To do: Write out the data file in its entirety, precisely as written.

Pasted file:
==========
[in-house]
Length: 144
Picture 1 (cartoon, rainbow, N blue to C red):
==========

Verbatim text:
[in-house]
Length: 144
Picture 1 (cartoon, rainbow, N blue to C red):